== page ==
"Armor's book is timely....Those who are trying to find a solution to this conundrum of race and education will need to ponder long and hard both the evidence and the prescriptions contained here."-The Review of Politics "This is the most important book on school desegregation since the 1965 Coleman Report. Indeed, in some respects, it is a more impressive accomplishment than the Coleman Report since Forced Justice covers a much broader range of desegregation outcomes and issues and, unlike the Coleman Report, is solo-authored."-Christine Rossell, Boston University "David Armor's book is the definitive work on the subject of school desegregation's effects. He carefully evaluates and synthesizes a massive amount of psychological and sociological research including his own original studies. For the first time, we are given definitive conclusions and sound policy implications for one of the most enduring, controversial, and important educational issues of the last half century-the effects of desegregation on African-American students' learning. The book should be indispensable to educators, scholars, and policy makers concerned about school desegregation."-Herbert J. Walberg, University of Illinois at Chicago "Finally a comprehensive and balanced study of busing and school desegregation. If you want a polemic on this controversial problem, go somewhere else. David Armor's special contribution is that he has conducted a fact-anchored inquiry that explores whether mandatory busing to bring about mathematical integration has served the country well. Equally important, he confronts the critical issue of how equality in the United States derives its meaning as well as its limits from the larger system of democratic values to which it belongs."-John H. Bunzel, Stanford University "David J. Armor's Forced Justice is a thoughtful, balanced analysis of one of the most contentious issues in recent American history. In addition to providing a judicious assessment of the past, Armor describes the policies that are likeliest to support successful school desegregation in the future."-Diane S. Ravitch, New York University "As the era of compulsory busing for school desegregation comes to a close, David Armor examines the evidence dispassionately. He finds that the benefits of this policy were usually minuscule, and the cost often enormous. Forced Justice is a persuasive, detailed analysis of one of the most divisive policy initiatives in modern American history. It proves beyond doubt that good intentions are often not enough."-Glenn Loury, Boston University "Forced Justice is the most thorough and incisive examination of school desegregation I am aware of. Armor's idea of equity choice is one of those perfectly reasonable solutions to a complex problem that seems embarrassingly obvious once you hear it. This book will change the discussion of school desegregation in America."-Shelby Steele, author, The Content of Our Character: A New Vision of Race in America "Armor's well-balanced analysis leads him to both heartening and sobering conclusions about the entire enterprise of school desegregation."-Journal of American History "Likely to set off a fresh debate among lawyers, educators and social scientists."-The New York Times Book Review "A compelling argument for..."equity choice"...and a significant contribution of the discussion of desegregation in America."-The Indianapolis Star "The result of this marriage of social science research and participation in the policy process is the most impressive compilation of empirical evidence showing a depth of contextual knowledge published to date."-American Political Science Review "Likely to set off a fresh debate among lawyers, educators and social scientists...."-The New York Times Book Reviewshow more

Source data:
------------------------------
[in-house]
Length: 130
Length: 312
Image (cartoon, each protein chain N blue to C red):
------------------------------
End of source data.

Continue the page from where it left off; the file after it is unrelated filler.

About David J. Armor

About the Author: David J. Armor is Research Professor at The Institute of Public Policy, George Mason University. While writing this book he was Senior Research Scholar of the Social Philosophy and Policy Center of Bowling Green State University, Ohio and Visiting Professor in the Department of Sociology, Rutgers University. Formerly he was Senior Social Scientist at the Rand Corporation and Associate Professor of Sociology at Harvard University. He has also served as an elected member of the Los Angeles Board of Education and Acting Assistant Secretary of Defense for military manpower and personnel.show more